Does LA have one “theater community” or many? Often the latter notion seems more plausible. When we define communities within an area as far-flung as Greater LA, geography or ethnicity or race can create boundaries. So can the many varieties of theater and the sizes and budgets of theater companies.
Often, theater practitioners are likely to meet some of their colleagues who work outside their particular spheres of interest only by attending awards events. Of course, on these occasions, most of the time isn’t spent talking to each other but rather in wondering whether you or your own particular theater tribe will win. And most of those who attend theater awards ceremonies don’t win those awards, so potential disappointment is always waiting in the wings.
LA STAGE Alliance has recently been sponsoring one-night panel discussions on various subjects, in various locations, under the LA STAGE Talks banner. But this year it also decided to revive a former tradition of holding an annual one-day gathering for extended talk about LA theater, with no awards distractions. The result, LA STAGE Day, was on display Saturday at Cal State Los Angeles.
Let’s get this out of the way at first — a lot of the major players within LA theater did not attend LA STAGE Day. I spotted no more than a handful of artistic directors of high-profile companies, mostly on the 99-seat level. I certainly can’t say that every subset of LA theater was represented.
Panel discussions, which might have attracted some of those absent artistic directors as participants, weren’t the chosen format at LA STAGE Day. Instead, the day began and ended with short Ted Talks-like presentations by individuals, usually abetted by visual aids. In between these were concurrent small-group presentations and discussions on a wide range of subjects.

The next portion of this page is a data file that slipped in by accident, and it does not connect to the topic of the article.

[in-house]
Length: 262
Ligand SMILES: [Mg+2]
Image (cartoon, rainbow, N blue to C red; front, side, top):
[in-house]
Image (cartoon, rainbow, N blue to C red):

Total attendance was between 350 and 400 — which seemed somewhat more manageable and intimate than a larger conference. Enough people attended to fill the house at the final session of the day, but more people might have required extra seating outside the room. Enough points of view were represented to instigate some lively conversations.
That final session was not only the best-attended but also the most provocative session I attended. Essentially, most of the speakers — except one — were making the case that certain groups aren’t visible enough on the stages of our remarkably diverse city.
First up was Evelina Fernandez representing Latino Theater Company and the complex it manages, Los Angeles Theatre Center. Of course, she was primarily there to argue that in a city that is likely to eventually become majority-Latino, the number of Latino faces and stories on most of our stages is still strikingly small.
However, in a conversation with me before she spoke, Fernandez said that members and supporters of Latino Theater Company also hold discussions about its own diversity. It recently presented a Canadian play, Habitat, which didn’t do well at the box office, at least in part because a lot of the company’s usual Latino supporters didn’t show up.
The subject of diversity in our theaters is wide open to the possibility of paradox. If every theater company in LA followed Fernandez’s advice and started programming more Latino material and using more Latino talent, would the loyal Latino audience start diversifying too, going to other theaters so much that there would eventually be less of a reason for the ethnically-specific Latino Theater Company to exist?
Among those who followed Fernandez, also representing particular constituencies, were DJ Kurs of Deaf West Theatre and Tim Carpenter of the EngAGE nonprofit, which develops arts programs at senior housing communities.